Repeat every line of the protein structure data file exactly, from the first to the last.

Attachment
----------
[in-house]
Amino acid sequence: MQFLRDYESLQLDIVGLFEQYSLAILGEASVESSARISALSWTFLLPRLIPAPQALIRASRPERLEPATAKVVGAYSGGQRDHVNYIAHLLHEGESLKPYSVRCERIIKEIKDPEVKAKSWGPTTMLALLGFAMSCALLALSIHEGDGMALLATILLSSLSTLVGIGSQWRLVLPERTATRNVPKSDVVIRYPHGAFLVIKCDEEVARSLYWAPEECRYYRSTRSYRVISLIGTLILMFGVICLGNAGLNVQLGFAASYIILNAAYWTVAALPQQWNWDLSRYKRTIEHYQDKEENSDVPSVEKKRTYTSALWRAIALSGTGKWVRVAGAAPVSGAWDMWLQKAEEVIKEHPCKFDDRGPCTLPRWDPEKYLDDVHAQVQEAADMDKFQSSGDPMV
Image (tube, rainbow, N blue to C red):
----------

[in-house]
Amino acid sequence: MQFLRDYESLQLDIVGLFEQYSLAILGEASVESSARISALSWTFLLPRLIPAPQALIRASRPERLEPATAKVVGAYSGGQRDHVNYIAHLLHEGESLKPYSVRCERIIKEIKDPEVKAKSWGPTTMLALLGFAMSCALLALSIHEGDGMALLATILLSSLSTLVGIGSQWRLVLPERTATRNVPKSDVVIRYPHGAFLVIKCDEEVARSLYWAPEECRYYRSTRSYRVISLIGTLILMFGVICLGNAGLNVQLGFAASYIILNAAYWTVAALPQQWNWDLSRYKRTIEHYQDKEENSDVPSVEKKRTYTSALWRAIALSGTGKWVRVAGAAPVSGAWDMWLQKAEEVIKEHPCKFDDRGPCTLPRWDPEKYLDDVHAQVQEAADMDKFQSSGDPMV
Image (tube, rainbow, N blue to C red):